As with innumerable other cases of government overreach and bias in prosecuting Palestinians and Muslims more generally, the public support for Odeh is vital to raising awareness about the case and about the overwhelming biases in the media and the judicial process that are weighted against her. All over the country, PSLS is documenting incidents of repression against Palestine solidarity activists who are being targeted by the government and Israel advocacy organizations because they are outspoken advocates for Palestinian rights. Odeh’s case is part of this pattern.
At her first open-court pre-trial hearing on October 2, the judge denied her motion to dismiss the case, which claimed that the prosecution was part of a larger effort to target and intimidate politically active Palestinian-Americans in the community, including the AAAN’s Executive Director, Hatem Abudayyeh. Odeh’s attorney, Michael Deutsch, said that Odeh’s indictment was the “fruit of an illegal investigation” by the U.S. government, tied to the subpoenas of 23 midwest antiwar activists in 2010, and that Odeh was selectively prosecuted because of her protected First Amendment activities advocating for Palestinian rights.
Supporters have been rallying to Odeh’s defense, calling in to the U.S. Attorney to drop the charges against her and gathering outside of the courthouse during her court appearances. This summer, the judge appointed to hear Odeh’s case recused himself after the defense requested that he do so because of his significant financial support of Israel and after it was found that the judge’s family had financial interests in Israel related to the case. Odeh’s trial is set to begin on November 4. Additional news, updates, and ways to support Odeh are available at stopfbi.net.
On October 6, the jury trial for Nate Mancha, reached it’s conclusion. The jury came back with a guilty verdict for the 1st degree Felony Assault charge. The jury was unable to reach a verdict on the Attempted Murder charge, resulting in a mistrial for that charge alone. Today the El Paso county District Attorney’s office announced that they would not pursue a new trial for the Attempted Murder charge, which means the process moves to the sentencing phase for the guilty verdict. On December 2, 2014, Nate will have his sentencing hearing, where he faces a minimum of 10 years and a maximum sentence of 32 years.
While we are relieved that Nate and his family do not have to face another trial experience, we are angered and saddened that yet another community member is facing the harsh realities of the criminal injustice system. Our hearts are heavy today as we grieve this verdict with Nate and his family.
We know all too well that LGBTQ communities face severe and deadly violence. We also know that LGBTQ people who defend themselves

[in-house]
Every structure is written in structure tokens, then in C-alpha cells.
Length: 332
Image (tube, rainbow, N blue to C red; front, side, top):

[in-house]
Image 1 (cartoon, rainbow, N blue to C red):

violence are often fighting for their lives, as Nate was on March 1st, 2014.
Nate’s support campaign will continue. Colorado Anti-Violence Program calls on it’s community of supporters, organizations, and families to come forward to support Nate and continue the fight against hate violence. Please check in with Nate’s support site and CAVP for news and to give support.
A little background info on Nate from his support site:
Nate Mancha defended himself against homophobic hate violence that is believed to be triggered by a rainbow sticker on the back of his car. Three months later, it is Nate, not his attacker, awaiting trial for 2nd degree attempted murder. This case fits a disturbing trend of people of color and LGBTQ people facing prosecution for defending their lives.
On March 1, 2014, 24-year-old Nate Mancha was driving his partner Carlton “Cruz” Mohn to work in Colorado Springs. To avoid being late, Nate cut off a driver to make a quick left turn. As Nate and Cruz pulled into the shopping center, they noticed that the car they cut off, a green 2002 Dodge Caravan, followed them. As Cruz got out of his car to go to work, the driver allegedly yelled out “faggot assholes” and drove away. After Nate dropped Cruz off, the same man, cornered Nate and used his van to block the exit to the Erindale shopping center parking lot.
The man allegedly yelled a variety of slurs against Nate’s sexual orientation, along with threats of violence. The same man then exited his vehicle and approached Nate’s truck, crowbar in hand, and continued yelling and threatening Nate. He hit Nate’s truck with the crowbar, visibly damaging the vehicle.
Nate Mancha feared for his life. He had no weapon to protect himself. He could see no individuals to approach for help. He had no weapon to protect himself. He did not have a cellphone to call for help. It is alleged that as Nate fled the scene, he hit the attacker with his truck. The attacker suffered injuries and was hospitalized as a result.